Meet 10 nurses pioneering COVID-19.
  1. INTRO

What Makes Nurses Innovators?

There are over 4 million nurses in the US, and over 20 million nurses in the world, which means there’s the potential for over 20 million nurse innovators. Many of those nurses are at the bedside every day, understanding patient concerns, patient care challenges, and identifying the gaps. But why are nurses so primed for innovation?

Maybe it’s because they’re critical thinkers who when presented with a problem get creative with solutions and look at the problem from multiple angles. Or maybe it’s their tenacity and care. They’re constantly assessing situations and trying every approach, even non-pharmacological ones.

To weigh in, here are a few of those nurses on what makes every nurse an innovator at their core.

  • 01
  • 02
  • 03
  • 04
Healthcare is challenged by complexity and ambiguity. Nurses bring a collective, connective and collaborative point of view that has the capacity to bring intentionality to product, policy, and process.
Lydel Wright
MS, MSN, BSN, Johnson & Johnson Nurse Innovation Fellow
Nurses are natural innovators because we have the ability to empathize with a problem more than most. Seeing a problem that directly affects a patient tugs at our heartstrings, and we want to solve it for the betterment of patient care.
Jennifferre M.
RN, BSN Johnson & Johnson Nurse Innovation Fellow
We, as nurses, have been told to think in a linear process — but thinking differently is a huge asset and attribute. You not only need the confidence to bring your ideas forward, you also need to be okay with failure. And you have to be okay with iteration and trying things multiple times.
Olivia L.
RN, MSN, Johnson & Johnson Nurse Innovation Fellow
As a nurse innovator, you are starting to think out of the box and how to incorporate the changes you want to see into real life practice. The advice I have for them is to persevere, don’t give up, and continue, because you will end up making a difference with your design and with your device.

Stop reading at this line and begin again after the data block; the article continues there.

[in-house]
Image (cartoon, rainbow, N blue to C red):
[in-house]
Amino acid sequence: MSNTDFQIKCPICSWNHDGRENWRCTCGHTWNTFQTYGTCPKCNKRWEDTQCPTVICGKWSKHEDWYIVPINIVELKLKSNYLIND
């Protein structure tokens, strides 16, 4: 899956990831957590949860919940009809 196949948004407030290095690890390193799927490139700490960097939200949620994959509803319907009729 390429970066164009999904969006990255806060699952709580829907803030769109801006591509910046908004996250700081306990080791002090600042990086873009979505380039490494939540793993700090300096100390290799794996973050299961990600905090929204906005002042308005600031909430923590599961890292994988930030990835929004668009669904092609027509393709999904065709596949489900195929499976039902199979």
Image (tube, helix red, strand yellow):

Ernesto Holguin
BSN, RN, CNN, CEO and Founder OTEN Medical
What Skills Should Nurse Innovators Develop and Grow?

Divergent Thinking

Divergent thinking, or thinking nonlinearly and exploring many possibilities instead of a single solution, is a cornerstone of innovation. And it encourages curiosity and creativity, both of which are essential for developing something truly novel.

Many healthcare settings and even a number of healthcare organizations prefer to do only what’s tried and true, until a near miss occurs. But this is where nurse innovators can shine. Nurses are already natural problem solvers after all. So by using divergent thinking as you ideate, you’ll also be able to anticipate problems instead of simply addressing them.


Divergent thinking can result in ideas that may feel risky to implement. Which is understandable, when you consider the healthcare industry as a whole. There, risk is often viewed as a negative term and risk-taking behavior is widely avoided. In fact, few nurses voluntarily visit the risk management office.

But that’s also why it’s important to develop a certain tolerance for taking risks. Risk is inherent to innovation you just need to mitigate it. Generally speaking, nurse innovators have a higher ability to manage it, because they’re solution-minded and take a bolder approach with experimentation, often introducing new solutions.